Chocó – not active

The Chocó Biogeographic Zone


Choco CON TEXTOThe Chocó contains 100,000 km2 superhumid rainforest in southern Panama, western Colombia and northwestern Ecuador. Running between the Pacific Ocean to the West and the cordillera of the Andes mountains to the East, it receives extraordinary levels of rainfall and humidity. The Andes cordillera and deserts to the South separate the Chocó from the rest of South America. This has led to extreme levels of endemism (when a species occurs only in one area and nowhere else on the planet). This endemism is coupled with exceptional levels of biodiversity and habitat loss by a population with few viable alternatives to habitat destruction. For these reasons, the Chocó is an internationally recognized conservation priority.


forest_6 insect_caterpillar2 frog_1 MINOLTA DIGITAL CAMERA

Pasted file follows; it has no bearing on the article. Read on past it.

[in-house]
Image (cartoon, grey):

The Ecuadorian Chocó


The Ecuadorian Chocó is restricted to the northwestern portion of the country. As one moves southward, the Chocó grades into the drier Tumbasian Biogeographic Zone, which is also extremely rich biologically. Ecuador’s Chocó region is relatively densely populated and has come under strong pressure in recent years from road building and land clearing for agriculture (banana, oil palm, cacao, cattle, and subsistence crops). The Ecuadorian Chocó is currently protected by four major reserves which struggle with enforcement because of limited resources. We work throughout the Chocó, but the focus of our efforts is the Mache-Chindul Reserve and surrounding areas. The nucleus of our conservation and research work in Ecuador is the Bilsa Biological Station, run by our partners Jatun Sacha Foundation.

Mache Chindul & Bilsa - horizontal bilsa sign


Chocó Links


Bilsa Biological Station

Jatun Sacha Foundation

BirdLife International Chocó Important Bird Area (IBA)

Umbrellabird Video